Notorious RBG in Song

Soprano/composer Patrice Michaels with Ruth Bader Ginsburg at Glimmerglass in 2016

First there was the epithet, "Notorious RBG," which NYC law student Shana Knizhnik coined in 2013 (in a sly riff on the name of Supreme Court Justice Ruth Bader Ginsburg's fellow Brooklynite and rapper, The Notorious B.I.G.) as the name of her Tumblr site. Then came Derrick Wang's, Scalia/Ginsburg, an opera based on the odd-bedfellows friendship of two SCOTUS justices and opera lovers from opposite sides of the political spectrum, Ginsburg and Antonin Scalia. During the same time period that the opera received performances at the Supreme Court, Castleton Festival, and, in 2016, the Glimmerglass Festival, came Irin Carmon and Knizhnik's book, Notorious RBG: The Life and Times of Ruth Bader Ginsburg.

This year has already brought the next two artistic steps in the process of honoring the 85-year old Supreme Court justice: the documentary RBG and, from Cedille Records, Notorious RBG in Song. The recording, which is currently on sale at and available in 24/96 from HDTracks, has as its centerpiece The Long View, a song cycle by Ruth Bader Ginsburg's daughter-in-law, soprano Patrice Michaels.

Michaels, who joins pianist Kuang-Hao Huang for this world-premiere recording, fills out the cycle with performances of RBG-dedicated songs by Lori Laitman, Vivian Fung, and Stacy Garrop. The recording closes with a >5-minute excerpt from Wang's opera. James Ginsburg, Ruth Bader Ginsburg's son, produced the recording, which was recorded by Bill Maylone in the Logan Center for the Arts at the University of Chicago.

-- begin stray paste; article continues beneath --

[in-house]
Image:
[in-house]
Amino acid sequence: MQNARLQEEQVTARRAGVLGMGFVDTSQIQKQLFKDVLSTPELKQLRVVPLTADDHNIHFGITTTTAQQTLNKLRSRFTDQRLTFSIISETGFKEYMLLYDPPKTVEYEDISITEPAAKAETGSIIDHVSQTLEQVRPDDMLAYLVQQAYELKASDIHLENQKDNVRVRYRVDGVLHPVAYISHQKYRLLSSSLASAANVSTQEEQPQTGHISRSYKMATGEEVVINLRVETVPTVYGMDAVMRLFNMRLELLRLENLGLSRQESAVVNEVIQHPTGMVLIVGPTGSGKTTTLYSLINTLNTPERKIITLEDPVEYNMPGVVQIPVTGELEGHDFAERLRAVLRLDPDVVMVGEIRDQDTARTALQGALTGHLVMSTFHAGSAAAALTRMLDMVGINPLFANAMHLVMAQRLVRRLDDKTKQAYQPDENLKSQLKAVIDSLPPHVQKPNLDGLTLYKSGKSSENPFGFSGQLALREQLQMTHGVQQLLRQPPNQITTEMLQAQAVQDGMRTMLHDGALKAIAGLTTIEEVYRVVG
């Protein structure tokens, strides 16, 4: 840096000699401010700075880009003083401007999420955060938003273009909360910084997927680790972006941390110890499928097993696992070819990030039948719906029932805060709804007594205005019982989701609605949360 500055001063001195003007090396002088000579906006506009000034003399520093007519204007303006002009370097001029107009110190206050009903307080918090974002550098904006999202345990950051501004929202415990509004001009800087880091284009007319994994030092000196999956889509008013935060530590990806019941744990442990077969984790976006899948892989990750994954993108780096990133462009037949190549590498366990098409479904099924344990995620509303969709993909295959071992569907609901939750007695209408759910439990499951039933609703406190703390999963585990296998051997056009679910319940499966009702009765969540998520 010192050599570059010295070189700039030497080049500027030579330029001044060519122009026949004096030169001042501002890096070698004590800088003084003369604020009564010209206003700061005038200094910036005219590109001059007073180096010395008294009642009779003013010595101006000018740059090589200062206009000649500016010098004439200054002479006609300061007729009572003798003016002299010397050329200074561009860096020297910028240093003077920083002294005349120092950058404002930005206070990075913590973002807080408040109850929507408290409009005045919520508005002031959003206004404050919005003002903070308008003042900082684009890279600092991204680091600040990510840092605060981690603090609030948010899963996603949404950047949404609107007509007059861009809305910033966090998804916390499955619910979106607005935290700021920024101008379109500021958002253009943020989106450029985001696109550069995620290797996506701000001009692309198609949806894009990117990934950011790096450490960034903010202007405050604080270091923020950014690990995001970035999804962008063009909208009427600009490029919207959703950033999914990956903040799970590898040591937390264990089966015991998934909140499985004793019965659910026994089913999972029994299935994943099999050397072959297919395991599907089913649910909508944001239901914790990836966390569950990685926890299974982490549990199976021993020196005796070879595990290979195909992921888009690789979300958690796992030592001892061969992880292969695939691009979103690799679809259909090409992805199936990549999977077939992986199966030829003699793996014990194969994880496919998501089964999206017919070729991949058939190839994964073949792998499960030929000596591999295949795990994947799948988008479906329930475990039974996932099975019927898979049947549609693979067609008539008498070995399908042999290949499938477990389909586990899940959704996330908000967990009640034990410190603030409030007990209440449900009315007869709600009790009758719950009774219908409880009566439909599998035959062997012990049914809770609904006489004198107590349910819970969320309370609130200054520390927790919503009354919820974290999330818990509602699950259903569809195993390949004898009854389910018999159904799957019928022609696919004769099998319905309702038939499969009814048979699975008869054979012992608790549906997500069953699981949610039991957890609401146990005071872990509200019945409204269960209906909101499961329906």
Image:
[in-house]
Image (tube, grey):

Without question, those who have seen RBG or admire Ginsburg's fervent dedication to racial, social, and sexual equality will want this recording. To them, the fact that Michaels' moderately attractive voice, at least at this stage of her career, grows somewhat thin and wobbly higher in her range will matter little. Nor will they spend much time dwelling on the facts that many of Michaels' settings add little to the power, poignancy, and humor of her texts, and that the engineering grants more resonance to the piano than to Michaels' voice. Instead, they will savor the soprano's marvelous diction, which remains clear high into the range; her perfect trill and high coloratura in the excerpt from Wong's parody aria; and her total dedication, respect and love for her husband's mother.

The texts themselves, some of which are by Michaels, are superb. We begin with an excerpt from a 1943 letter by Justice William O. Douglas that extends the search for his ideal law clerk to women, and end with text by Ginsburg herself. Along the way are eloquent excerpts from five of Ginsburg's dissenting opinions, and other texts by her mother, father and lawyer husband. Musical highlights include the fabulous 6th song, with its extended piano postlude, and the hilarious 7th song about RBG's prankster brother's escapades in third grade. As she honors the arc of her mother-in-law's life, Michaels excels in the humorous songs.

The other musical contributions to Notorious RBG in Song are unqualified successes. Laitman's lovely "Wider than the Sky," which was performed at RBG's 80th birthday celebration, sets a marvelous poem by Emily Dickinson. Both song and poem are gifts to savor for the long haul. Fung's "Pot Roast a la RBG" is simply fabulous, and also sets Michaels cooking higher into her range.

Garrop's setting of the letter that Martin (Marty) Ginsburg wrote to his wife, Ruth, as he was approaching death is deeply moving, and brought tears to my ears. The antidote arrives with Wang's operatic parody, whose opening borrow the melody from the seductive "Seguidilla" from Bizet's Carmen. Michaels launches into it with relish, and leaves us longing for more.

Bogolu Haranath's picture

"Notorious" ......... by Duran Duran :-) .................

ken mac's picture

For your typically excellent reporting, Jason! Herb and I were singing your praises over Chinese pastries in the bunker just yesterday. Salute!